12. Class II) asbestos work: the removal of ACM or PACM that is not TSI or surfacing ACM or PACM exceeding three square feet or three linear feet in area.
  13. Class III) asbestos work: repair and maintenance operations that are likely to disturb ACM or PACM which removes less than one glove bag of material (measuring 60 by 60 inches or less). State of Nevada regulations further limits the area of disturbance for all Class III) work to three linear feet or three square feet.
  14. Class IV operations: custodial and housekeeping operations where minimal contact with ACM or PACM may occur.
  15. Permissible Exposure Limit (PEL): defined as 0.1 fibers/cubic centimeter (f/cc) of air. This translates into the permissible inhalation of a total of 1,000,000 fibers/day (100,000 f/M3 x 10 M3 of air inhaled/day).
  16. Fibers: a structure that is at least five microns in length, with a length to width aspect ration of 3:1.
  17. Bulk Material Samples: samples of ACM or PACM construction materials collected from areas of proposed construction or remodeling related activities. Normal sample process involves the extraction of a core sample of the material in question.
  18. Core Samples: a bulk material sample that penetrates to the full depth of the construction material being sampled.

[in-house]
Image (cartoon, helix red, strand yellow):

19. Thermal System Insulation (TSI): any pipe or boiler insulation system, which may or may not contain ACM or PACM.
  20. Survey: a written determination of construction material composition by a properly licensed inspector. A survey may include either the collection of an appropriate number of bulk samples or a review of existing building survey records and/or a physical inspection of the proposed work site.

Section 3: Procedure (for work performed by WNC Facilities Department)

Note: If the State Public Works Board (SPWB) is performing the work all requirements contained here in must be met. However since SPWB and their contractor will perform the work this policy does not apply.
EH&S and the facilities departments shall share information with SPWB to ensure that the scope of the work is properly addressed.
Similarly SPWB shall provide EH&S with the completed remediation scope and the final clearance and disposal information for the remediation.

  1. The Facilities/Planning will identify the scope of the renovation effort.
  2. Environmental Health and Safety (EH&S) will develop an asbestos survey that identifies the scope of the ACM in that area and forward this information to the Facilities department and planning. EH&S will also forward an appropriate air sampling and final acceptance program to the Facilities department for incorporation in the Facilities department subcontract.
  3. The Facilities department based on this information will develop a work plan with EH&S. This work plan will address all compliance issues including but not limited to the following:
    1. Respiratory Protection Plan
    2. Air Monitoring Plan
    3. List of Contractor Submittals